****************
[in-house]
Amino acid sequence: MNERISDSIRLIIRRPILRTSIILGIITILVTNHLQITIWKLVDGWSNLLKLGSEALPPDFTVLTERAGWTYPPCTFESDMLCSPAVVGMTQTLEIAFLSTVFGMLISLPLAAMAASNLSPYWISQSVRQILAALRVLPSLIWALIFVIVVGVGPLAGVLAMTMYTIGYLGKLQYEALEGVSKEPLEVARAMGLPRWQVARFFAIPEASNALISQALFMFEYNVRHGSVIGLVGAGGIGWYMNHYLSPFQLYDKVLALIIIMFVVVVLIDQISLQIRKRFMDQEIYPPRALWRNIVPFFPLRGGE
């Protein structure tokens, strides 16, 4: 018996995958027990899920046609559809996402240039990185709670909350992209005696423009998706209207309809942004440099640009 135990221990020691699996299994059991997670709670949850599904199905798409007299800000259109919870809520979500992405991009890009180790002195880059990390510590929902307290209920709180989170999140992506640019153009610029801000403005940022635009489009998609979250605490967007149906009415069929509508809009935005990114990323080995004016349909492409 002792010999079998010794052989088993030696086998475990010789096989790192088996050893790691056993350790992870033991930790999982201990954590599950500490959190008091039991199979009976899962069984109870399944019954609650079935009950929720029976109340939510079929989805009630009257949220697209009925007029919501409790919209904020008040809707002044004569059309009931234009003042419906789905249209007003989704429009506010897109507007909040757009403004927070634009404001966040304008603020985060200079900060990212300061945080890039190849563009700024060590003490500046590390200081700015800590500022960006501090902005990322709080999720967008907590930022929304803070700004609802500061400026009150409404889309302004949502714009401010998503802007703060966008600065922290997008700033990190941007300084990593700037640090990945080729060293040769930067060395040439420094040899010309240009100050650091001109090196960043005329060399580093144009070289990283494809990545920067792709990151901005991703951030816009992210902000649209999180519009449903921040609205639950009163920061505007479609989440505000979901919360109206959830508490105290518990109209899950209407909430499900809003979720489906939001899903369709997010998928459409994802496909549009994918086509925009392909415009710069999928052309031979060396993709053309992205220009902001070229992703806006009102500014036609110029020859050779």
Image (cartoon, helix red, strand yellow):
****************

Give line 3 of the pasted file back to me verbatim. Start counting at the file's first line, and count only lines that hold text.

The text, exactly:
């Protein structure tokens, strides 16, 4: 018996995958027990899920046609559809996402240039990185709670909350992209005696423009998706209207309809942004440099640009 135990221990020691699996299994059991997670709670949850599904199905798409007299800000259109919870809520979500992405991009890009180790002195880059990390510590929902307290209920709180989170999140992506640019153009610029801000403005940022635009489009998609979250605490967007149906009415069929509508809009935005990114990323080995004016349909492409 002792010999079998010794052989088993030696086998475990010789096989790192088996050893790691056993350790992870033991930790999982201990954590599950500490959190008091039991199979009976899962069984109870399944019954609650079935009950929720029976109340939510079929989805009630009257949220697209009925007029919501409790919209904020008040809707002044004569059309009931234009003042419906789905249209007003989704429009506010897109507007909040757009403004927070634009404001966040304008603020985060200079900060990212300061945080890039190849563009700024060590003490500046590390200081700015800590500022960006501090902005990322709080999720967008907590930022929304803070700004609802500061400026009150409404889309302004949502714009401010998503802007703060966008600065922290997008700033990190941007300084990593700037640090990945080729060293040769930067060395040439420094040899010309240009100050650091001109090196960043005329060399580093144009070289990283494809990545920067792709990151901005991703951030816009992210902000649209999180519009449903921040609205639950009163920061505007479609989440505000979901919360109206959830508490105290518990109209899950209407909430499900809003979720489906939001899903369709997010998928459409994802496909549009994918086509925009392909415009710069999928052309031979060396993709053309992205220009902001070229992703806006009102500014036609110029020859050779």